The timescale associated with this research permitted a single in depth interview with each participant. Each interview captured the perspectives of the participant in the form of a micro-slice of their life space (Lewin 1997), providing perspectives on their biography, context and goals, as the participant perceived them at that particular point in time. Such a study would have benefited from being able to revisit participants in the study as they continued on their journey through higher education. This would have enabled evaluation of the impact of the social forces perceived within the first interview, allow for the establishment of any changes in the student identity standard and offer the potential for further action research to establish the effectiveness or otherwise of institutional initiatives to enhance the student experience. The scope of the sample
The size of the sample was sufficient for the study as undertaken. However, the restriction of the research to one college impacted the study in two ways. The College provision of higher education is not representative of the sector, having larger numbers of full-time students than the average college offering higher education programmes, and offering a larger range of provision at honours degree level. The College recruits students to its specialist creative and performing arts programmes from across the country and also locally to other vocational programmes, this providing a wider mix of traditional and non-traditional students than others within the sector. It would have been therefore interesting, though organisationally challenging, to seek to extend the study to a range of other colleges in the sector. As a full-time employee and part-time doctoral student, it was not feasible for me to spend the necessary time absent from my professional role. Such an extension undertaken in the future would vary from the original research in seeking to verify the outcomes of the initial activity, though individual research projects contributing to the overall outcome should follow similar methodology. The method of study
This study was undertaken with participants learning through technologically supported face-to-face attendance. Participants were not studying on programmes specifically designed for delivery through or within virtual learning communities. Undertaking this study has led me to consider the extent to which variations on the student identity standard impact similarly on networked learners. This is an area that provides particular interest for future research. Concentrating on the participants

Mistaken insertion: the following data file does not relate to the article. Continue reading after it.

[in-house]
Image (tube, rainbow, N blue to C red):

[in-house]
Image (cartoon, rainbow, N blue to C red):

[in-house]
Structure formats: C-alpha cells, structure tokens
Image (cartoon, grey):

From the outset, a decision was made to focus on the individual, their perceptions, their narrated experience and expectations. To this end, I made a conscious decision that concepts of social structure and related concerns within educational research, such as the impact of ‘social capital’, ‘habitus’ and ‘power’ (Navarro, 2006; Taylor and Boser, 2006; Goddard, 2003) would remain outside the scope of this study.

1.8 Considering the meaning of key terms in the context of this study
1.8.1 Community of practice
A community of practice (CoP) is a group of people who share a craft or a profession. The concept was first proposed by cognitive anthropologist Jean Lave and educational theorist Etienne Wenger in their 1991 book Situated Learning (Lave & Wenger 1991).

1.8.2 Doctoral student/candidate
During the studies that lead to the degree, the student is called a doctoral student or PhD student; a student who has completed all of their coursework and comprehensive examinations and is working on their thesis/dissertation is sometimes known as a doctoral candidate or PhD candidate.

1.8.3 Doctoral supervisor
A doctoral advisor (also dissertation director or dissertation advisor) is a member of a university faculty whose role is to guide graduate students who are candidates for a doctorate, helping them select coursework, as well as shaping, refining and directing the students’ choice of sub-discipline in which they will be examined or on which they will write a dissertation. Students generally choose advisors based on their areas of interest within their discipline, their desire to work closely with particular graduate faculty, and the willingness and availability of those faculty to work with them.

1.8.4 Doctoral community